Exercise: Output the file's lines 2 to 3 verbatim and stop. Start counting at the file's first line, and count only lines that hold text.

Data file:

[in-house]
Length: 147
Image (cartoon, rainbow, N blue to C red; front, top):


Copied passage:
Length: 147
Image (cartoon, rainbow, N blue to C red; front, top):